Insurance, school bills wind up on dead bills list

Some Coast-backed legislation died with a deadline late Tuesday, including a homeowners’ insurance “policyholders bill of rights” and a plan to push back the school start date.

House Bill 563 would have codified language from a court decision saying the burden of proof is on an insurance company to prove an exclusion in a policy applies to a claim. The measure had passed the House, but Senate Insurance Committee Chairman Eugene S. Clarke, R-Hollandale, didn’t take the bill up before Tuesday’s deadline.

Clarke has said he believes the key to solving insurance problems is increasing competition to lower prices, not more regulation. He has let similar proposals die in recent years.

Lt. Gov. Phil Bryant also had heartburn over the bill. He said it would duplicate some of the state Insurance Department’s version of a policyholder’s bill of rights implemented in 2007. The insurance department also didn’t back the House bill, saying its version is sufficient.

Other measures that died:

n Senate Bill 3065, which would give the head of the Department of Marine Resources power to make rulings on permit violations.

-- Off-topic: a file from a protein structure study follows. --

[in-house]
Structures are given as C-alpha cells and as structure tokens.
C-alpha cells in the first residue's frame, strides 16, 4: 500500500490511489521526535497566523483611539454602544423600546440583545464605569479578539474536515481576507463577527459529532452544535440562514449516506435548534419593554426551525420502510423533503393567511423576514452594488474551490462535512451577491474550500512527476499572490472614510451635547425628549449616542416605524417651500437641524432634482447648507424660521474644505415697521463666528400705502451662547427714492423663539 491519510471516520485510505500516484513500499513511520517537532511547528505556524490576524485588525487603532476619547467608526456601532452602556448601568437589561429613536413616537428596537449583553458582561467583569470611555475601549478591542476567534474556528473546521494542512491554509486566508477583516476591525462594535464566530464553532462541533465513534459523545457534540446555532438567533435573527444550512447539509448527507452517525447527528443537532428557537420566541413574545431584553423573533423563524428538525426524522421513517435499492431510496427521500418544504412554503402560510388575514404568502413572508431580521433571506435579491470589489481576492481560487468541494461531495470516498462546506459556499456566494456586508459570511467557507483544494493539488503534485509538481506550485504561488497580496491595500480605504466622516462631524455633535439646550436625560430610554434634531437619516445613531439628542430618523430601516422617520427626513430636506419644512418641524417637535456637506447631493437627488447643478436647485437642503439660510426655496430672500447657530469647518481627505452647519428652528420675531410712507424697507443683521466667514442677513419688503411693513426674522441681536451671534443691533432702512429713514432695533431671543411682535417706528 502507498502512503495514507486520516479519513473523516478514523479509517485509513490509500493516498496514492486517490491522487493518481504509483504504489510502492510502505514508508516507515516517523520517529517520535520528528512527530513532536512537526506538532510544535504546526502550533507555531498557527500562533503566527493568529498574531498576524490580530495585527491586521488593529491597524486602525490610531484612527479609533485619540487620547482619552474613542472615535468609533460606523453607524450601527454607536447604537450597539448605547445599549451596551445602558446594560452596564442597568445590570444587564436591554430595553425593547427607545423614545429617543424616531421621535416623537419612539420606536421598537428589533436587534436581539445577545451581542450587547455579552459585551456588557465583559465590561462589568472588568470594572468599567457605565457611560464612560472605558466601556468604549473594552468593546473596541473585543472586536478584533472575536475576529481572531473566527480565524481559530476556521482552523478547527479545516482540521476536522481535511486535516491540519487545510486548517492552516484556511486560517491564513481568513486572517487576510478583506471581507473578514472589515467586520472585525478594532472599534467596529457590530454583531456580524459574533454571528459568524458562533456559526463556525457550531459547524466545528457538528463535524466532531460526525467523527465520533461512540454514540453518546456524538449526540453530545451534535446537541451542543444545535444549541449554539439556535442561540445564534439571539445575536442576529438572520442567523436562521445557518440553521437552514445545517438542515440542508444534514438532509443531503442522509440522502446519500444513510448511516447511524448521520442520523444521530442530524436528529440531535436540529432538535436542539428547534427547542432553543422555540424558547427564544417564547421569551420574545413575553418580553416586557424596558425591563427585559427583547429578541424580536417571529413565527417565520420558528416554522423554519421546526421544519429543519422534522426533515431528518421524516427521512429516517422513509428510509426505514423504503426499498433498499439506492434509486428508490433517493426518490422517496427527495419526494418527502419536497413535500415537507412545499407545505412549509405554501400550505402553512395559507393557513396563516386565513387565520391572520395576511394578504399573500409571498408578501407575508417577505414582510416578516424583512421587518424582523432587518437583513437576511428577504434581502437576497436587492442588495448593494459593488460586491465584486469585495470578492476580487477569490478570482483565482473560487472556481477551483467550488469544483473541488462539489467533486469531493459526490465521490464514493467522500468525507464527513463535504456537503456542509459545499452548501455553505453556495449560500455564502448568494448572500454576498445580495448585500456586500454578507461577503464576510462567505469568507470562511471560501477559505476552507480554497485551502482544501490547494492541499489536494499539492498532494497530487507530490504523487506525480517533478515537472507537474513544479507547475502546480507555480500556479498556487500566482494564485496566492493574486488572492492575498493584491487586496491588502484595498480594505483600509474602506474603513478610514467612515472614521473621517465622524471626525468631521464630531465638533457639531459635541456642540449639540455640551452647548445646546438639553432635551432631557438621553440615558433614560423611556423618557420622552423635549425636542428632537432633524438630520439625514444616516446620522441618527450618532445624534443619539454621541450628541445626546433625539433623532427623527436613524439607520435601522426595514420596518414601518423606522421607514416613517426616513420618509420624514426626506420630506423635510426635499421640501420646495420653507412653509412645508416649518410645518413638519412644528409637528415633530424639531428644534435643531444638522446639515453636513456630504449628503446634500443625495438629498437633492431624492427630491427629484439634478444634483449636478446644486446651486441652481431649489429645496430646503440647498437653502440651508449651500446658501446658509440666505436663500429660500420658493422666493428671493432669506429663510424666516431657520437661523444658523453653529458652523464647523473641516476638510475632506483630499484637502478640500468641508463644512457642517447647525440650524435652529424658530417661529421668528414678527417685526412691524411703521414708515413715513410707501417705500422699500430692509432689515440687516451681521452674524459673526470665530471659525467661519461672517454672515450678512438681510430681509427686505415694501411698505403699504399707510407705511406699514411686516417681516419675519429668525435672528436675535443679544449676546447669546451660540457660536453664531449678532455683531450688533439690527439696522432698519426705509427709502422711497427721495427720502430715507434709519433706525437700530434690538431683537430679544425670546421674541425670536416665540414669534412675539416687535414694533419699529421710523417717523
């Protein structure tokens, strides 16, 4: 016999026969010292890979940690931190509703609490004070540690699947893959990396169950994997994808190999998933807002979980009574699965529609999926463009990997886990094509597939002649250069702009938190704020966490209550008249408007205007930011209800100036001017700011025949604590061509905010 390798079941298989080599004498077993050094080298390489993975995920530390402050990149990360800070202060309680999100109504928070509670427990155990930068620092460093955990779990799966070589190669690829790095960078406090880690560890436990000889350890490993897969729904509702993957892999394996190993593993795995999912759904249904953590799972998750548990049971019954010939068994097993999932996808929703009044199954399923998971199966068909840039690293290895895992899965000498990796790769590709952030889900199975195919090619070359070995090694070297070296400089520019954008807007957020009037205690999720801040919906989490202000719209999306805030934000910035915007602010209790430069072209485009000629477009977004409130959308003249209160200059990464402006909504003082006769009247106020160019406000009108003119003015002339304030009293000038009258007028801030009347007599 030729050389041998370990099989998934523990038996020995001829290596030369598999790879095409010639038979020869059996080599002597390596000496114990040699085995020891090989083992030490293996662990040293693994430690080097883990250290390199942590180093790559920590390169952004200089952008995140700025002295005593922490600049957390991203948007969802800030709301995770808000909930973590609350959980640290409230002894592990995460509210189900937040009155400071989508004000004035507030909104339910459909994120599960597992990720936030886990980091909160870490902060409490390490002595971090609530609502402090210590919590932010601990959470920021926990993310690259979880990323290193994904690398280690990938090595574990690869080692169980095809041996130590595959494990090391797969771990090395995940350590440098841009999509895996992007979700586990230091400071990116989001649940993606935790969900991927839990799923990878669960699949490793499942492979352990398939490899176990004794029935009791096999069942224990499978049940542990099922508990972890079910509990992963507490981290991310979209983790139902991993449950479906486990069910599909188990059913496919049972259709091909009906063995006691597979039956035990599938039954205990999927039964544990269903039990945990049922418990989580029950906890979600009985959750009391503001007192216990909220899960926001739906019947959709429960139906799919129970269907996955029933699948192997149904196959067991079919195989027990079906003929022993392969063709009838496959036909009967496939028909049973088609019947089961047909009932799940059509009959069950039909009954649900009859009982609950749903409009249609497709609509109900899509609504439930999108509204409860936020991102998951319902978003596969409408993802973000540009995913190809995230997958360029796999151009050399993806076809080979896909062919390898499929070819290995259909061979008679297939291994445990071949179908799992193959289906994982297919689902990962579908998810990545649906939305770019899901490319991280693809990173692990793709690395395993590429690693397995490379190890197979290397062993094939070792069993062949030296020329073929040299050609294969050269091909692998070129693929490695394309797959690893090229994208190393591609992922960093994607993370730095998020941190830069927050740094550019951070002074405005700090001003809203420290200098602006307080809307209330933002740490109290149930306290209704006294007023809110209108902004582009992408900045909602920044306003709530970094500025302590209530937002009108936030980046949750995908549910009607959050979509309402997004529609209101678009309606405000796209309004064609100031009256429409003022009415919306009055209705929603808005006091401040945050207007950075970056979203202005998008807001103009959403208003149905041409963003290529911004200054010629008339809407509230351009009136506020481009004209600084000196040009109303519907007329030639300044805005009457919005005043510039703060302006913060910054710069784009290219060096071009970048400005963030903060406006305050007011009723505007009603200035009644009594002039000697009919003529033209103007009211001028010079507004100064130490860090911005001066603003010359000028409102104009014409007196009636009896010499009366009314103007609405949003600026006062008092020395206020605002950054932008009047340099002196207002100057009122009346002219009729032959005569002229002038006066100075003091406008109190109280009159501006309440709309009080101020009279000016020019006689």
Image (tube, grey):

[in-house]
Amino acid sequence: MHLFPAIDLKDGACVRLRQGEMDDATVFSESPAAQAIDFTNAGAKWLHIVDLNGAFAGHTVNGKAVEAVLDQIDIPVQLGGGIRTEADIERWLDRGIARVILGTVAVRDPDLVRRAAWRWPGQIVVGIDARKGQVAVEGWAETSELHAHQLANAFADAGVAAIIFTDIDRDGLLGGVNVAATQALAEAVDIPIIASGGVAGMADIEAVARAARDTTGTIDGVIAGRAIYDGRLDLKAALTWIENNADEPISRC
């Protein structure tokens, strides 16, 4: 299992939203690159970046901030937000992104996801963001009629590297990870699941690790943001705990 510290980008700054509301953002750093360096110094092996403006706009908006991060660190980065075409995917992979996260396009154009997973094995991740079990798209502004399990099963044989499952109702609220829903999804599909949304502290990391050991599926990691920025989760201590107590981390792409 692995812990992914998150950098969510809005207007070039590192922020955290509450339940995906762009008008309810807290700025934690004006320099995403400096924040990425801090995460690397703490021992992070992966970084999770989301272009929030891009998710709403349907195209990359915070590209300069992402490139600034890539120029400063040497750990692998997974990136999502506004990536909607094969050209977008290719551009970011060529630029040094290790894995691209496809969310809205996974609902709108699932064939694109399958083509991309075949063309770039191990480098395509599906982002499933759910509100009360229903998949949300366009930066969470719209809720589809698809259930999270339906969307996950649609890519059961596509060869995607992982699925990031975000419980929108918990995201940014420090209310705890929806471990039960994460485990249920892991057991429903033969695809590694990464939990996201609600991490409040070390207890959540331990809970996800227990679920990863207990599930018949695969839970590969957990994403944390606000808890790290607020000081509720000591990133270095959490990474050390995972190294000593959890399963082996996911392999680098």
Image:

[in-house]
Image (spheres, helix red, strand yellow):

DMR Director Bill Walker had asked for authority to rule on certain violations without bringing them before the full Commission on Marine Resources.

Such violations — most often for private piers or other structures being built a little larger than permitted — are discussed in monthly public meetings.

House Marine Resources Committee Chair Frances Fredericks, D-Gulfport, and some open-government groups worried the bill might foster secrecy. The measure died in Fredericks’ committee.

n House Bill 624, which would push back the school start date to Sept. 1 or later. Tourism officials perennially support the measure.

n House Bill 687, aimed at reducing price gouging after a natural disaster.

It would have prevented owners of hotels and motels from being sued if they cancel reservations to make room for people displaced by a natural disaster. It also would have regulated how much merchants can charge for goods and services.

n House Bill 539, which would clarify state law to say citizens can record law enforcement officers.

The bill’s author, Rep. Bob Evans, D-Monticello, said he has represented people arrested for doing so, even though it’s not against the law.

The bill passed the House, but died in the Senate.

By MICHAEL NEWSOM – mmnewsom@sunherald.com
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